Turkish Jets Blasted America’s Kurdish Allies in Karakoc
U.S. troops were bewildered by the provocation
The rumble of Turkish jets taking off from the Kurdish city of Diyarbakir has become a banal muzak for the city’s wearied residents. Numbers are dialed, warnings are given and life proceeds — under the heavy presence of Turkish troops.
Hasan, a middle aged Kurdish activist smiles slyly as he explains his “secret” job. “I call my friends in Bahur [in Iraqi Kurdistan] and tell them when the planes are leaving. We know the time it takes to reach the mountains so they can prepare.”
The fabled Qandil mountains in Iraq have become a mythologized home to the Kurdish Workers Party, or PKK — a Marxist guerilla group listed as a terrorist organization by Turkey, the European Union and the United States.
For years Turkey has been pummeling guerilla bases in the mountain, but early in the morning on April 18, 2017, the army of Recep Tayyip Erdogan took aim at new targets. This time, the jets screeching out of Diyarbakir pushed toward Rojava, the Kurdish enclave in Syria on the Turkish border.
“We didn’t know anything about this,” a U.S. soldier said baffled as he surveyed the damage to the YPG media tower in Karakoc, a base frequently used by fighters crossing between Syria and Iraq.
As part of the Syrian Defense Forces, the YPG has become an invaluable ally for the United States in the fight against Islamic State. YPG commanders have been photographed side by side with U.S. special forces on the Raqqa front, in what YPG supporters have described as “grim photo ops.”
Above and at top — YPJ fighters in Iraq. Matt Cetti-Roberts photos
But the Americans aren’t always outwardly friendly with the YPG.
German photographer Willi Effenburger observed the interaction between the YPG and U.S. troops following the Turkish strikes. “The Americans came, they walked around and looked at the stuff. They kept themselves separate from the YPG. There was little communication or interaction between the two groups.”
At the same time, the United States is quick to distance the Syrian YPG from its fraternal organization the PKK in a strange piece of political green-screening that has incensed U.S. ally Turkey, which claims the PKK and YPG have the same goals and follow the same leader, Abdullah Ocalan.
Turkey has the second-biggest army in NATO and has provided European countries with a buffer to the tide of migration flowing from Syria’s decimated cities. It’s an important player in the region and according to some critics has been emboldened by its new position as a counter to Iran’s influence in the Middle East cheered on by U.S. president Donald Trump’s inner circle.
One thing is certain, Erdogan has no problem exercising his power in the region, much to the bewilderment of American soldiers who stood in the wreckage of Karakoc.
The jets that rumbled to Syria from Diyarbakir also hit Iraq attacking PKK positions in Mount Sinjar where a bitter dispute between Peshmerga troops loyal to Pres. Masoud Barazani and PKK fighters turned violent earlier this year leading to several deaths including those of Yazidi civilians and Kurdish journalists.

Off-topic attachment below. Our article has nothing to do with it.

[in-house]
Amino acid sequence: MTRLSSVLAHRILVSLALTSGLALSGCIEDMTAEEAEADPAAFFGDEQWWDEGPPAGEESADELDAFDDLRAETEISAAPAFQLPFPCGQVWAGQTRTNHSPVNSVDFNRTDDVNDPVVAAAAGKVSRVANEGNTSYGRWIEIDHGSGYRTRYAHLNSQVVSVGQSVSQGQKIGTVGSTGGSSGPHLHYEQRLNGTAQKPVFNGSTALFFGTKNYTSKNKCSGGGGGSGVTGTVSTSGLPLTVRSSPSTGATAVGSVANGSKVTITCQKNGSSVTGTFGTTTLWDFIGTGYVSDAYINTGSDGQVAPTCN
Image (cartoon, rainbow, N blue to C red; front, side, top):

Barazani, who has a warm relationship with Erdogan, lost five Peshmerga soldiers in the airstrikes. Turkish officials claim Peshmerga were not the intended target and Peshmerga officials blamed the deaths of the soldiers on PKK, which they insist must leave Sinjar.
The spat over Sinjar has opened a raw wound, and has echoes of the Kurdish civil war that lead to the deaths of thousands in the mid-1990s and split the country into those loyal to president Barzani and those loyal to pro-Iran and pro-PKK Jalal Talabani.
Nesrin Abdullah. Kom News photo
A Turkish incursion into YPG held Syria and Iraqi Kurdistan has been expected for several months, with some commentators claiming Turkey would have worked with the KDP Peshmerga to locate targets,
Back in Syria these airstrikes have opened a new threat to YPG ground troops pushing forward into Raqqa supported by Turkey’s NATO ally the United States. Whether this will slow down the offensive is unknown but the U.S. military’s bewilderment at the events of April 18 reveal a coalition forced into an already compromised position.
Spokeswoman Nesrin Abdullah from the YPG’s sister organization, the YPJ, said the Kurds could back out of the Raqqa operation where they are proving to be the most successful ground force in the fight against ISIS as part of the Syrian Defense Forces.
“We are not anyone’s stick to beat their enemies with,” Abdullah said.
The strikes will also result in a slow-down of Kurdish fighters coming from Turkey and Iraq into Syria. In March 2016, Iraqi Kurdistan closed the border with Syria under political pressure from Turkey. Despite this, a steady stream of fighters continued to travel through the mountains from Sulimaniyah — controlled by Talabani — into Syria.
The PKK, which facilitates the movement of fighters from the Iraqi side, is now engaged on multiple fronts with both the pro-Barzani KDP Peshmerga and Turkey, leaving many foreign and local fighters hauled up in Iraqi hotels with no way into Syria.
While the United States might be determined to draw the lines between the PKK and YPG, it’s no secret that the groups share the mountain routes between them. Efforts to separate the Kurdish movements in Syria and Turkey have failed.
And Turkey’s mission to cleanse the region of the PKK will directly interfere with U.S. plans to use Kurdish ground troops to siege Raqqa, the prize jewel in the fight against ISIS.
Back in Diyarbakir, Hasan, who continues to phone in the rumble of jets, is now part of a movement calling for a no-fly zone over the Kurdish enclave.
“We’re asking for this, but really I’m not so sure,” he said. “Kurds have always been kicked around by foreign powers and they’ve never given us anything. They’ll just keep trying to divide us, but they’re stupid and we’re getting wise.”